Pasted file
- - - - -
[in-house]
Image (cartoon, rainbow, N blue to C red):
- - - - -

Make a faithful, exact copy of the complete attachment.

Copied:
[in-house]
Image (cartoon, rainbow, N blue to C red):